Give the brewhouse a clean out with your favorite sanitizer before the next batch.

Cheers
:beer:
I was having a think about this today. I'm pretty careful with my (primitive) brewery equipment, and because some of the bottles in each batch are OK, I think that the problem might lie with the cleanliness of my bottles. I've recently started reusing my PET bottles and I think that for the next batch I'll pay extra special attention to making sure the bottles are 100% clean. ATM, what I do is wash them with a mild detergent and then sanitize them with Brewshield however I'm thinking that in some cases this might not be enough to completely clean the bottle. I might try really hot water although I'm a bit unsure as to how the plastic will handle this.

Cheers,

Chris
 

ShredMaster

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I was having a think about this today. I'm pretty careful with my (primitive) brewery equipment, and because some of the bottles in each batch are OK, I think that the problem might lie with the cleanliness of my bottles. I've recently started reusing my PET bottles and I think that for the next batch I'll pay extra special attention to making sure the bottles are 100% clean. ATM, what I do is wash them with a mild detergent and then sanitize them with Brewshield however I'm thinking that in some cases this might not be enough to completely clean the bottle. I might try really hot water although I'm a bit unsure as to how the plastic will handle this.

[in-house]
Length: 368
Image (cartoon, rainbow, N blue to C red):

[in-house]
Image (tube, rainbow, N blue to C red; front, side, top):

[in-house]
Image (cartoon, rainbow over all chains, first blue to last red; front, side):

Cheers,

Chris
Good work mate! It would agree with Ross's earlier response, it could be an infection taking place.

If there was an issue with the batch such as (but not limited to) being over primed or bottled too early, the WHOLE batch would be affected. If it is selected bottles, it is more likely to be a type of infection from those specific bottles rather than a batch issue. From what you've said so far, you seem to have the hang of the numbers quite ok so write this couple of batches off as "improper sanitation" and make a concentrated effort to eliminate that in the next couple of batches and see how you go.

Good luck!

Cheers,
Shred.
 

bum

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ATM, what I do is wash them with a mild detergent...however I'm thinking that in some cases this might not be enough to completely clean the bottle.
Yep, if you're talking something like dishwashing liquid you possibly need to kick it up a notch. Have a think about cleaning them in the same manner you clean your brewery gear and see if that takes care of it then scale back as (if) you see fit. Remember that sanitiser can't work correctly if the bottles aren't properly cleaned to begin with.